It’s been an unusually busy start to 2012 for San Francisco real estate. I haven’t seen this active a market in the January-February timeframe in a few years, and many other agents with whom I’ve talked agree.
There are currently 183 single-family homes, 243 condos, 33 TICs and 53 two- to four-unit buildings in contract. Many well-priced properties are being snapped up within a few days or a week’s time. This means that when I head to a home that’s listed on the Tuesday broker tour, I’m often informed shortly after crossing the threshold that the property is already in contract.
For buyers, this means that getting to that first open house is critical if you want the opportunity to make an offer. Many times, the first showing of a home is at the weekend open house. And a side note: Though an agent enters a listing into the MLS the week prior, the property may not be quite ready for showtime. Sellers sometimes still need to clean out the garage or complete final de-cluttering. It never hurts to have your buyer agent request a showing prior to the open house, but don’t be surprised if the sellers request that you simply attend the open house.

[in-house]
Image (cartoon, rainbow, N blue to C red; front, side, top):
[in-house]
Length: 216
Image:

If you’re on the home-buying warpath, I recommend being fully preapproved with a lender before you seriously begin looking at houses. There’s nothing worse than stopping in at a Sunday open for a lovely 3BR house in Noe Valley and learning that they’re taking offers in three days—and you haven’t even submitted any financial documentation to a lender yet. Believe me, there are enough property details to review in order to determine whether this is the house for you (i.e., disclosures, comps, neighborhood info). Adding a quickie preapproval that doesn’t give you time to consider what you’re getting into is not the best way to proceed.
Based on the high volume of homes going into contract—and the likely possibility that Spring will usher in even more inventory—it’s clear that more and more buyers are getting off the 2011 real estate-buying fence and making purchasing decisions. I don’t expect this activity to soften as the months wear on, due primarily to the low interest rates and feeling that we have definitely reached the bottom of the San Francisco market in most neighborhoods.